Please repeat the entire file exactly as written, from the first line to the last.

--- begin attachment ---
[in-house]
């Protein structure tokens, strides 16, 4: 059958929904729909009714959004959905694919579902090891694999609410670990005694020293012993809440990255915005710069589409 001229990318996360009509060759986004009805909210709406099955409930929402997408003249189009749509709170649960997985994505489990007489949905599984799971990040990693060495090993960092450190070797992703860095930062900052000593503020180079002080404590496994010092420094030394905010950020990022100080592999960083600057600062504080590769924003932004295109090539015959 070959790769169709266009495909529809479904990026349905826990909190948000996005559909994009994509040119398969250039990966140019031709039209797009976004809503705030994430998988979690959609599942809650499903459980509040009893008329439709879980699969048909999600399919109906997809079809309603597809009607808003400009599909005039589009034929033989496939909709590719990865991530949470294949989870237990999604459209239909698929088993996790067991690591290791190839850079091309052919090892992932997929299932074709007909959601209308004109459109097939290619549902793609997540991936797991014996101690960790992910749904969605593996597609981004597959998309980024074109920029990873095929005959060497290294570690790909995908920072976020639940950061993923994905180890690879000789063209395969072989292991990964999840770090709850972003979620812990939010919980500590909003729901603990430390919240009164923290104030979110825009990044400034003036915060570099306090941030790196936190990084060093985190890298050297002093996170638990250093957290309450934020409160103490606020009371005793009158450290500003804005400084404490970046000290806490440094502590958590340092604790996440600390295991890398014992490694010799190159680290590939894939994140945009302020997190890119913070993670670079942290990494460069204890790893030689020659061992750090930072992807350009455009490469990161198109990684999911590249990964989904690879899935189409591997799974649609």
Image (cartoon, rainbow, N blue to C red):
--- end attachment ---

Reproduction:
[in-house]
């Protein structure tokens, strides 16, 4: 059958929904729909009714959004959905694919579902090891694999609410670990005694020293012993809440990255915005710069589409 001229990318996360009509060759986004009805909210709406099955409930929402997408003249189009749509709170649960997985994505489990007489949905599984799971990040990693060495090993960092450190070797992703860095930062900052000593503020180079002080404590496994010092420094030394905010950020990022100080592999960083600057600062504080590769924003932004295109090539015959 070959790769169709266009495909529809479904990026349905826990909190948000996005559909994009994509040119398969250039990966140019031709039209797009976004809503705030994430998988979690959609599942809650499903459980509040009893008329439709879980699969048909999600399919109906997809079809309603597809009607808003400009599909005039589009034929033989496939909709590719990865991530949470294949989870237990999604459209239909698929088993996790067991690591290791190839850079091309052919090892992932997929299932074709007909959601209308004109459109097939290619549902793609997540991936797991014996101690960790992910749904969605593996597609981004597959998309980024074109920029990873095929005959060497290294570690790909995908920072976020639940950061993923994905180890690879000789063209395969072989292991990964999840770090709850972003979620812990939010919980500590909003729901603990430390919240009164923290104030979110825009990044400034003036915060570099306090941030790196936190990084060093985190890298050297002093996170638990250093957290309450934020409160103490606020009371005793009158450290500003804005400084404490970046000290806490440094502590958590340092604790996440600390295991890398014992490694010799190159680290590939894939994140945009302020997190890119913070993670670079942290990494460069204890790893030689020659061992750090930072992807350009455009490469990161198109990684999911590249990964989904690879899935189409591997799974649609």
Image (cartoon, rainbow, N blue to C red):